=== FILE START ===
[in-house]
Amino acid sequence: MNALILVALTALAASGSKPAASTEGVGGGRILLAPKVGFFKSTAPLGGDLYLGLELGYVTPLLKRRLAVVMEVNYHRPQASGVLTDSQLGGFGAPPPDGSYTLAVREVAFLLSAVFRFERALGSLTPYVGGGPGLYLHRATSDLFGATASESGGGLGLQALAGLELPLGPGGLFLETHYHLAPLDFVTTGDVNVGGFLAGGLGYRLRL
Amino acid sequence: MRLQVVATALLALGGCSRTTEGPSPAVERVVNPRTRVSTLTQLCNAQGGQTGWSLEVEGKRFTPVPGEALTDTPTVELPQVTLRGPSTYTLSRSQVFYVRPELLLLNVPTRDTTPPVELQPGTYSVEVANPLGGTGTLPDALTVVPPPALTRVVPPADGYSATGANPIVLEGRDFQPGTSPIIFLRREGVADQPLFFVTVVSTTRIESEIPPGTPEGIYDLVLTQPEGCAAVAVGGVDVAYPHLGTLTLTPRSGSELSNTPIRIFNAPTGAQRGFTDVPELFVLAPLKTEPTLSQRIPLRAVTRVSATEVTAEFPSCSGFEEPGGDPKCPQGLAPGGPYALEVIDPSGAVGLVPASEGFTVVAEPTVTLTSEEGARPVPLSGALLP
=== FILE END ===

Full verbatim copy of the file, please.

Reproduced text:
[in-house]
Amino acid sequence: MNALILVALTALAASGSKPAASTEGVGGGRILLAPKVGFFKSTAPLGGDLYLGLELGYVTPLLKRRLAVVMEVNYHRPQASGVLTDSQLGGFGAPPPDGSYTLAVREVAFLLSAVFRFERALGSLTPYVGGGPGLYLHRATSDLFGATASESGGGLGLQALAGLELPLGPGGLFLETHYHLAPLDFVTTGDVNVGGFLAGGLGYRLRL
Amino acid sequence: MRLQVVATALLALGGCSRTTEGPSPAVERVVNPRTRVSTLTQLCNAQGGQTGWSLEVEGKRFTPVPGEALTDTPTVELPQVTLRGPSTYTLSRSQVFYVRPELLLLNVPTRDTTPPVELQPGTYSVEVANPLGGTGTLPDALTVVPPPALTRVVPPADGYSATGANPIVLEGRDFQPGTSPIIFLRREGVADQPLFFVTVVSTTRIESEIPPGTPEGIYDLVLTQPEGCAAVAVGGVDVAYPHLGTLTLTPRSGSELSNTPIRIFNAPTGAQRGFTDVPELFVLAPLKTEPTLSQRIPLRAVTRVSATEVTAEFPSCSGFEEPGGDPKCPQGLAPGGPYALEVIDPSGAVGLVPASEGFTVVAEPTVTLTSEEGARPVPLSGALLP